Learning from Rabin
Assassinations are by definition significant because they involve the murder of a prominent individual for political purposes. But not all assassinations constitute turning points. World War I, for example, would likely have happened even without the assassination of Archduke Franz Ferdinand. The stage was already set for what was to become The Great War, and something else would have provided the spark.
Nor is it obvious that the assassination of US President John F. Kennedy, as significant as it was, was a historical turning point. Some say that, had he lived, he would have limited US involvement in Vietnam, a war that in the hands of his successors ultimately claimed some 58,000 American lives. Obviously, there is no way of knowing. What can be said with some confidence, though, is that the US political system was sufficiently robust that the broad direction of domestic and foreign policy alike were not dependent on a single person.
By contrast, the assassination of Israeli Prime Minister Yitzhak Rabin 25 years ago by a right-wing Jewish extremist almost certainly was a turning point in the Middle East. The reason is clear: Rabin may well have been the only Israeli leader of his generation both willing and able to make peace with the Palestinians living under Israeli occupation. He saw the need to compromise and was strong enough to take calculated risks and persuade a majority of Israelis that it was wise to do so.
By contrast, Rabin’s rival and successor, Shimon Peres, had the desire to make peace, but his very enthusiasm undermined his ability to rally skeptical Israelis behind him. Rabin’s reluctance proved invaluable. And several subsequent Israeli prime ministers, including the incumbent, Binyamin Netanyahu, possessed the hardline credentials to make a deal with the Palestinians, in the sense that the anti-communist Richard Nixon could broker the US breakthrough with China a half-century ago. But, unlike Nixon, they lacked the desire to do so on terms that had any chance of being accepted.
This is not to say that Rabin would have succeeded had he lived. It takes two to make peace. It was Nelson Mandela’s – and South Africa’s – good fortune that President F.W. de Klerk was a willing partner in ending apartheid. Peace requires leaders who are both willing and able to compromise and sustain their commitments. And here it is not obvious that Rabin had a viable partner in Yasir Arafat, although it is instructive that Rabin ultimately judged that it was worth pursuing, because only Arafat possessed the authority to make a deal.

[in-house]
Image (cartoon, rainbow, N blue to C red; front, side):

What also made Rabin remarkable was his openness to change. As Israel’s defense minister from 1984 to 1990, he imposed harsh measures on Palestinians living in Israeli-occupied territories and cracked down on violent protest. I was working on the Middle East at the White House at the time. When I challenged Rabin on the wisdom of saying Israel would break the bones of the protesters, he responded, “What would you have us do? Kill them?”
For Rabin, it was a legal and political necessity to maintain order, but it was also a moral imperative to minimize the loss of life. Using non-lethal force was to him the right approach.
Over time, however, Rabin concluded that force alone would not succeed. He came to see political and economic incentives as essential as well. And in his second term as prime minister, he accepted the Palestine Liberation Organization as a negotiating partner despite its history of terrorism, and approved the 1993 and 1995 Oslo Accords that established a path designed to bring about ever greater political autonomy for Palestinians.
As we know, the Oslo Accords were never implemented in full. Rabin was assassinated, subsequent attempts at negotiating peace failed, Arafat died, and no Palestinian state materialized.
All this is relevant now given the recent diplomatic breakthrough between Israel and the United Arab Emirates and Bahrain. Arab governments, motivated by the threat from Iran and a desire for access to Israeli technology and US arms, have determined not to allow the unresolved Palestinian issue to stand between them and normal relations with Israel. Other Arab states eventually will do much the same.
The Palestinian reaction has been equal parts predictable and disappointing. Most Palestinians still seem unprepared to accept that the path to a state of their own does not run through the Arab League or the United Nations or even Washington, DC, but rather through direct talks with Israel.
As Israeli settlements in the occupied West Bank continue to expand, time is running out. Israel’s government has agreed to postpone annexation of significant portions of the West Bank for just three years. The question is whether the next generation of Palestinian leaders will, like Rabin, be willing and able to compromise for peace.
But Israelis would be wise to learn from Rabin as well. He believed that Israel must remain both Jewish and democratic, and understood that this requires separate states. The only alternatives are to make Palestinians citizens of Israel (thereby ending Israel’s Jewish character), or deny Palestinians voting rights (thereby ending Israel’s democratic character).
For good reason, Rabin rejected both alternatives. There would be no better way to honor his legacy than by reviving a diplomatic process leading to the creation of two separate states living side by side in peace.
Ed.’s Note: Richard Haass is President of the Council on Foreign Relations and author of The World: A Brief Introduction (Penguin Press, 2020). The article is provided to The Reporter by Project Syndicate: the world’s pre-eminent source of original op-ed commentaries. Project Syndicate provided inclusive perspectives in our changing world by those who are shaping politics, economics, science and culture. The views expressed in this article do not necessarily reflect the views of The Reporter.
Contributed by Richard Haass